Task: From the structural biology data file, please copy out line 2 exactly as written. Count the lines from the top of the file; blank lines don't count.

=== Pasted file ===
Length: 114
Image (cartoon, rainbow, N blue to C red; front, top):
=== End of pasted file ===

Image (cartoon, rainbow, N blue to C red; front, top):